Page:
MTV?s irreverent humour and Kandagaon?s traditional iron craft come together in an exhibition that takes contemporary art to the edge of desire, Namita Bhandare.
MTV makes its debut at the National Gallery of Modern Art. A sweeping exhibition that captures a decade-long perspective on ‘contemporary visual practices’ in India runs the gamut from desi cool to folk traditions.
Through 80 exhibits, including photographs, videos, installations and paintings by 34 artists and two collectives, Edge of Desire: Recent Art in India comes to the NGMA after having travelled to Australia, the United States and Mexico. In India, it marks the launch of the Asia Society India Centre.
From the metropolises of Delhi and Mumbai to the rural region of Kondagaon, Edge of Desire seeks to encompass a variety of visual cultures. It is organised around five themes — Location/Longing, Unruly Visions, Transient Self, Contested Terrain and Recycled Futures.
But, points out Chaitanya Sambrani, head of the Art Theory Workshop at the Australian National University in Canberra, “This exhibition does not purport to offer a survey of masterpieces from the last decade of Indian art. Experimental and contingent work that may not have been possible under normal market circumstances is a vital aspect of this project.”
So, MTV with its frequently humorous, always irreverent portrayal of urban youth culture in globalising India is acknowledged for its role in creating a visual revolutions on television, at least.
The visual contribution includes also Nilima Sheikh’s Firdaus series that looks at political strife and gender violence in Kashmir while seeking to reclaim the beauty and rich imaginative history of the state.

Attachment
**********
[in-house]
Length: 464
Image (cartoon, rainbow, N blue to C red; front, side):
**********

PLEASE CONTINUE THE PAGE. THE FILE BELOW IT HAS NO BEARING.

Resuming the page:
Pushpamala N and Clare Armi explore the various stereotypes in their performative series on Native Women of South India.
Atul Dodiya’s ironic triptych Tomb’s Day with the Taj Mahal as the backdrop features signature visits by the Putins and the Clintons. The series ends with the vision of magician PC Sorkar making the Taj vanish.
If the exhibition falters, it is in its one-sided portrayal of contemporary art.
To be fair, Edge of Desire does not “pretend to a ‘potted history’ of recent Indian art. Rather it is hinged on a particular — and necessarily partisan — perspective on recent history,” writes Sambrani in the exhibition catalogue.
That partisan view comes through only too amply.
The undeniable trauma of secular India dominates. Vivan Sundaram’s installation — a memorial to the crumpled body of an unknown riot victim photographed by Hoshi Jal is encased in a transparent tomb, with nails and bricks surrounding him. NM Rimzan’s Speaking Stones is centred on a crouched man surrounded by a circle of rough stones under which black and white photographs document a succession of horrors.
Even the traditional folk art forms from Bastar iron works to the Mithila paintings of Bihar conform to the secular view. Sonadhar Viswakarma’s Bastar iron works follows the progression of the rath yatra that culminated in the toppling of the three domes of the Babri Masjid while Santosh Kumar Das uses the Madhubani form in a series of paintings that show the Muslim-Hindu divide in Gujarat.
The political correctness, informs Shilpa Gupta’s video installation Blame, is “tastefully packaged in small bottles for your convenience”.
The outcome of a project conducted on the streets of Mumbai and in commuter trains, Blame is a response to the events in Kargil, George Bush’s ‘war on terror’ and violence against Muslims in Gujarat.
Edge of Desire is an important landmark. Its ambition and scale is overwhelming. And, if nothing else, you have to applaud the government-run NGMA for its courage to put up MTV on its hallowed walls.